Maryam Mirzakhani, only woman to take math's highest award, dies at 40

Fields Medal, the "Nobel Prize of Mathematics" was awarded to Maryam Mirzakhani, the 40-year-old Iranian Mathematician in 2014, for her work on complex geometry and dynamical systems.

In 1999, Mirzakhani earned a bachelor of science degree in mathematics from the Sharif University of Technology in Tehran.

She was survived by her husband Jan Vondrák, a Czech theoretical computer scientist and her colleague at Stanford University and a daughter named Anahita.

Iranian mathematics scholar Maryam Mirzakhani passed away on Saturday after succumbing to her third bout with breast cancer.

Mirzakhani, who described herself as a slow mathematician, was drawn to big, hard questions in her field, a trait that made her a revered figure within the mathematics community.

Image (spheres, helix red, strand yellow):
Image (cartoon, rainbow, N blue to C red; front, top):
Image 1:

Born in 1977, Mirzakhani was raised in post-revolutionary Iran and won two gold medals in the International Mathematical Olympiad as a teenager, according to the BBC. She was the first woman to win the award since its inception in 1936.

Maryam Mirzakhani, the first woman to receive the Fields Medal for mathematics, has died in the United States in Saturday.

Firouz Naderi’s post in Instagram in reaction to Mirzakhani’s death
Firouz Naderi’s post in Instagram in reaction to Mirzakhani’s death

After her doctorate at Harvard, Mirzakhani accepted a position as assistant professor at Princeton University and as a research fellow at the Clay Mathematics Institute.

Mirzakhani joined the faculty at Stanford in the San Francisco Bay area in 2008.

"On behalf of the entire Stanford community, I congratulate Maryam on this incredible recognition, the highest honor in her discipline, the first ever granted to a woman", said Hennessy.

"A light was turned off today", NASA scientist Firouz Michael Naderi wrote on Instagram.

Maryam Mirzakhani is awarded with the 2014 Fields medal at the International Congress of Mathematicians in Seoul, South Korea on August 13, 2014.

Stanford said her work involved the geometric and dynamic complexities of curved surfaces such as spheres and doughnut shapes.

Iranian President Hassan Rouhani saluted Mirzakhani in a message in Farsi, posted to Twitter.